To assuage some of my doubts, to try to understand the intricate historical situation, I decided to travel to Chiapas, and did so shortly after receiving the prize. I arrived in San Cristóbal de las Casas. I met Monsiváis there again. It was an unusual city. A great many groups of foreign journalists, the most sophisticated television installations, dozens of languages ​​mixed together, and thousands and thousands of indigenous people filled the streets, flooded into the churches and their atriums, many of them exiled from the surrounding mountains to the city ​​for fear of war. I spent four or five days in Chiapas. I spoke with people of different kinds. And I discovered a world that barely survived in its terrifying orphanhood. Chekhov, returning from the island of Sakhalin, one of the murkiest prisons of Tsarism, declared that this trip had transformed his conception of life, and that his literature would show that transformation in some way. When I finally arrived home, to my garden, my dogs, I was overflowing with pain and anger. I read some lines by Octavio Paz that always enlighten me: “But in our history there appears an element unknown in Spain: the Indian world. It is the dimension to a time that is intimate and unfathomable, familiar and unfamiliar to my country. Without it we would not be who we are [...]. The Indian world was from the beginning the other world, in the strongest sense of the term. An otherness that, for us Mexicans, is resolved in identity, distance that is proximity [...].” He says this in his speech upon receiving the Cervantes Prize in 1982. I read those words and thought of the groups of Chamulas, Tzeltals, Tzotzils, Ch'ols, Tojolabals I saw huddled and humiliated beside the military checkpoints on the roads I had just traveled. We Mexicans had lived a monumental delirium in recent years. We were told and it was repeated incessantly that we had set foot on the threshold of the first world, but what my eyes captured were lamentable rubbish heaps from the thirteenth world. This is what those who share our self had become. There was, however, something uplifting in the process. A continuity of a civil society that had been until them intermittent had begun to emerge. And I began to write The Art of Flight, a book that scarcely broaches the Chiapas question, but that is born of everything that moved in me during those days, transformed by literature into a pilgrimage to the center of myself, to my childhood, to my roots. In four days, I had rejuvenated forty years. It is possible that this breath has touched some fiber of the reader. I had written those pages as a personal, almost secret record, and it immediately became by far the most popular book I have ever written. What's more, it won me another prize: the Mazatlán.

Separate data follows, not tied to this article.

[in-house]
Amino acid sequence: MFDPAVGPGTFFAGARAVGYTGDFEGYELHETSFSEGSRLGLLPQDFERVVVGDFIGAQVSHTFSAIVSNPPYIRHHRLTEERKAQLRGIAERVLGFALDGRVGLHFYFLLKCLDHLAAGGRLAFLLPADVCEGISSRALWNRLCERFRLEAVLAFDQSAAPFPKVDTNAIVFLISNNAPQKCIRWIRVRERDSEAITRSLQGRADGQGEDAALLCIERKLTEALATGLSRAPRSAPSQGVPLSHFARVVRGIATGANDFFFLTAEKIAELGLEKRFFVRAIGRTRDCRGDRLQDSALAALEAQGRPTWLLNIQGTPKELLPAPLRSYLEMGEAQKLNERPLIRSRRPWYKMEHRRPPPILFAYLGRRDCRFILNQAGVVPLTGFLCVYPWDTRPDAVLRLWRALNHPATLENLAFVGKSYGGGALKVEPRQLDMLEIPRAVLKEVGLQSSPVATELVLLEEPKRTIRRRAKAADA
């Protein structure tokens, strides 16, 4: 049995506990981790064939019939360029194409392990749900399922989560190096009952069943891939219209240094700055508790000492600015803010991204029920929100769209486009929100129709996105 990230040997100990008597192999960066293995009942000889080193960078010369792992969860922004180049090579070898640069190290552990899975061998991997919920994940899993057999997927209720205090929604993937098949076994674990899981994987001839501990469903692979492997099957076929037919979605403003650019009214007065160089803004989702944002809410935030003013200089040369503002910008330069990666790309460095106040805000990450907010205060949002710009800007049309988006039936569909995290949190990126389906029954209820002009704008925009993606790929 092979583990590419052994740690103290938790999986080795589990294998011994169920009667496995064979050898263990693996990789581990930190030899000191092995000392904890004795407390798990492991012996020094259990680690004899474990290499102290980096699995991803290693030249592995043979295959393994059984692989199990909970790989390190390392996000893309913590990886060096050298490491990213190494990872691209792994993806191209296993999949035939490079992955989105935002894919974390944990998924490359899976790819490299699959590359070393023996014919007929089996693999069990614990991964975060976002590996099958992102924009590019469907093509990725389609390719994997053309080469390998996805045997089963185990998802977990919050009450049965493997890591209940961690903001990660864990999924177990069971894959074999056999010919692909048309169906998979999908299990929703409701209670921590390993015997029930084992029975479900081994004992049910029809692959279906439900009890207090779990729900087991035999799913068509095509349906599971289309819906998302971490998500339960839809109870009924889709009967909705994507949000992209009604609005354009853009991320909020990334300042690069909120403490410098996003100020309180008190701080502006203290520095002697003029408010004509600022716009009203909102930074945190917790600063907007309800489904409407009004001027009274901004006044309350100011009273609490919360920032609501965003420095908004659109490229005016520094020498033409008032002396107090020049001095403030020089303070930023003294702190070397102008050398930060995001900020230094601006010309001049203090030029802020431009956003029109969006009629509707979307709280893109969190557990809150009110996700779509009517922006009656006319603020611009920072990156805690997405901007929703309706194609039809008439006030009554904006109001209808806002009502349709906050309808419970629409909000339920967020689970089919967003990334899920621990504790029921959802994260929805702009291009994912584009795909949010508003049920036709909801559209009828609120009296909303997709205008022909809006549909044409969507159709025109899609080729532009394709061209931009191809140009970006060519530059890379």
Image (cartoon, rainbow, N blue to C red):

This is, then, the history of my awards and their consequences. The Juan Rulfo Prize, whose awarding honors me, bears the name of the most extraordinary Mexican author, whose books Pedro Páramo and The Burning Plain were already born as two classics of our literature, and so they were seen from the moment of their appearance. My admiration for Rulfo and his books is immense. I promise to attempt in the future, to the extent of my strength, to be worthy of this award and that venerable name.7

Translated by George Henson

 

1 Of these four stories, “Bukhara Nocturne” and “Mephisto’s Waltz,” along with “Victorio Ferri Tells a Tale,” will appear in a soon-to-be-released collection of Pitol’s best short stories with Deep Vellum Publishing. –Editor. 

2 Translated by Constance Garnett. 

I have been unable to find an English translation of this letter that includes this last sentence. –Translator.

4 Garnett.

5 Pitol’s Carnival Triptych will appear in English translation by George Henson by Deep Vellum Publishing.

6 The Art of Flight, translated by George Henson.

7 Sergio Pitol was awarded the Juan Rulfo Prize for Latin American and Caribbean Literature, known today as the FIL Literary Award in Romance Languages, in 1999. In 2005, he would win the Miguel de Cervantes Prize, the highest literary award in the Spanish language.

 

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LALT No. 5
Number 5

LALT No. 5 features powerful literary voices from across Latin America, including dossiers of essential writers Sergio Pitol and Victoria de Stefano, a special selection of Latin American chronicles curated by Felipe Restrepo Pombo, and a moving collection of trilingual poems by Mapuche poet Liliana Ancalao.